“People will always have an option to choose and ask for mineral water or bottled water,” she says. “But as a first welcome or first approach, more and more restaurants will give the filtered water.”

Awareness has grown and mindsets about the safety of tap water have changed significantly since Goumbook launched their Drop It campaign against single-use plastics in 2016.

“People are much more prepared,” says Ms Antonelli Abella. “You can put a jar of water in front of them and they would never complain and say ‘what is this’. I think even three years ago there would have been a backlash.”

When Jumeirah at Saadiyat Island Resort opened late last year as the first in the UAE to be plastic-free, it seemed to be a tipping point for the industry.

“I think everyone was waiting for the first hotel to take the lead and when Jumeirah announced that they were doing it, suddenly we received calls and emails from all the hotels,” says Antonelli Abella.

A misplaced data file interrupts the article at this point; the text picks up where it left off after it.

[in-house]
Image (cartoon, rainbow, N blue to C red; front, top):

Trust Your Water, which launched 18 months ago and implemented the Jumeirah at Saadiyat filtration system, is now in talks with about 12 different hotel chains, said founder and owner Lorenzo Salin.

Tryp by Wyndham has already taken steps towards sustainability by becoming a plastic-bottle free hotel. Courtesy TRYP by Wyndham

Not only is it the right thing to do for the environment, “it tends to also make also economic sense”, he says.

There are several compelling reasons for hotels to switch over now, he says. There is a reasonable return on investment, which for Trust Your Water systems is from 12 to 20 months. Studies have shown customers will pay more for a room if they know they are going to a sustainable hotel, while “plastic-free” has become a powerful marketing tool, he says.